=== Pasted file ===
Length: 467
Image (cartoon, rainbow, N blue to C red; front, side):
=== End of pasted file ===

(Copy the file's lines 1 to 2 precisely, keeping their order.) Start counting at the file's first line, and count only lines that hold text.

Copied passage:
Length: 467
Image (cartoon, rainbow, N blue to C red; front, side):